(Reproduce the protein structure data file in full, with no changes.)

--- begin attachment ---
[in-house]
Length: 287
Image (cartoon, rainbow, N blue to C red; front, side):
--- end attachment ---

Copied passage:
[in-house]
Length: 287
Image (cartoon, rainbow, N blue to C red; front, side):